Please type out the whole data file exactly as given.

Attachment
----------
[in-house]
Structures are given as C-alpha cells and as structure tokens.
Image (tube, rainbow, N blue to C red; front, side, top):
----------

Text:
[in-house]
Structures are given as C-alpha cells and as structure tokens.
Image (tube, rainbow, N blue to C red; front, side, top):